The Aon Center is a modern supertall skyscraper in the Chicago Loop, Illinois, United States, designed by architect firms Edward Durell Stone and The Perkins and Will partnership, completed in 1974 as the Standard Oil Building. With 83 floors and a height of 1,136 feet, it is the third tallest building in Chicago, surpassed in height by the Willis Tower, the Trump International Hotel and Tower; the building is managed by Jones Lang LaSalle, headquartered in the building. Aon Center had the world headquarters of Aon and Amoco. Aon's US operations are still headquartered here; the building is the co-headquarters of Kraft Heinz. The Standard Oil Building was constructed as the new headquarters of the Standard Oil Company of Indiana, housed at South Michigan Avenue and East 9th Street; when it was completed in 1973, it was the tallest building in Chicago and the fourth-tallest in the world, earning it the nickname "Big Stan". The building employs a tubular steel-framed structural system with V-shaped perimeter columns to resist earthquakes, reduce sway, minimize column bending, maximize column-free space.
This construction method was used for the former World Trade Center towers in New York City. When completed, it was the world's tallest marble-clad building, being sheathed with 43,000 slabs of Italian Carrara marble; the marble used was thinner than attempted in cladding a building. On December 25, 1973, during construction a 350-pound marble slab detached from the façade and penetrated the roof of the nearby Prudential Center. In 1985, inspection found numerous cracks and bowing in the marble cladding of the building. To alleviate the problem, stainless steel straps were added to hold the marble in place. From 1990 to 1992, the entire building was refaced with Mount Airy white granite at an estimated cost of over $80 million. Two-thirds of the discarded marble was crushed and used as landscaping decoration at Amoco's refinery in Whiting, one-sixth was donated to Governors State University, in University Park and one-sixth donated to Regalo, a division of Lashcon Inc. Under a grant from the Illinois Department of Rehabilitative Services, Regalo's 25 handicapped workers carved the discarded marble into a variety of specialty items such as corporate gifts and mementos including desk clocks and pen holders.
The building's facade now somewhat resembles that of the former World Trade Center due to the upward flow of the columns. The Standard Oil Building was renamed the Amoco Building when the company changed names in 1985. In 1998, Amoco sold the building to The Blackstone Group for an undisclosed amount, estimated to be between $430 and $440 million, it was renamed as the Aon Center on December 30, 1999, although the Aon Corporation would not become the building's primary tenant until September 2001. In May 2003, Wells Real Estate Investment Trust, Inc. acquired the building for between $465 and $475 million. Real estate investors Mark Karasick and Victor Gerstein acquired the building from Piedmont in 2015 for $713 million. On May 14, 2018 the owners unveiled $185 million proposal for an observatory featuring a thrill ride on the roof called the Sky Summit, the world tallest exterior elevator, new entrance pavilion. In recent years, the top floors of the building have been lit at night with colors to reflect a particular season or holiday.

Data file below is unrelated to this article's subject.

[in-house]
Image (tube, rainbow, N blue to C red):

Orange is used for Thanksgiving, green or red for Christmas, pink during National Breast Cancer Awareness Month. The lighting matches the nighttime lighting on the antenna of Willis Tower, the John Hancock Center and the upper floors of the Merchandise Mart. In the plaza, there is a sounding sculpture by Harry Bertoia. Aon Center First Canadian Place – a similar building from the same architect List of buildings List of skyscrapers List of tallest buildings and structures in the world List of tallest buildings in Chicago List of tallest buildings in the United States List of tallest freestanding structures in the world Aon Center on CTBUH Skyscraper Center List of tenants at the Aon Center - Companies located at 200 East Randolph Street, Chicago IL
BP Canada Energy Group ULC, is a Canadian oil and gas company headquartered in Calgary, a subsidiary of BP plc. The present day BP Canada was created after a long history of joint ventures, spin-offs, the amalgamation of a number of companies - which include the 1982 divestment of its downstream assets to Petro-Canada, the 1992 demerger of its upstream division into Talisman Energy Inc; as of 2012, following the divestment of its natural gas and natural gas liquids businesses, current BP operations in Canada focus on oil sands, including joint ventures with companies including Husky Energy and Devon Energy. It has activities in Alberta, the Northwest Territories, offshore in Nova Scotia and the Canadian Beaufort Sea, as of 2012 employed more than 450 employees; the present day BP Canada was created over the years from merging and spinning-off of a number of companies. The predecessor companies of BP Canada include. In 1953, British Petroleum Company entered the Canadian market through the purchase of a minority stake in Calgary-based Triad Oil Company.
In the early 1950s, the power struggle between oil companies and host governments in Middle East started, which hampered operations of British Petroleum in the region, prompted it to diversify its operations beyond the Middle East dependent oil production. The Canadian holding company of British Petroleum was renamed BP Canada in 1969. Subsequently, Supertest was renamed to BP Canada Ltd, other Canadian interests of British Petroleum amalgamated to the new company. BP retail operations disappeared from Canada in the early 1980s, when in 1982, BP Canada divested its downstream assets to Petro-Canada, at the time owned by the Government of Canada. In 1992, British Petroleum sold off its 57% stake in BP Canada Ltd to the public, BP Canada demerged into Talisman Energy Inc. Through the 1998 acquisition of the global operations of Amoco by British Petroleum, BP Canada acquired the assets of former major Canadian oil and gas companies, including Dome Petroleum and Hudson's Bay Oil and Gas Company.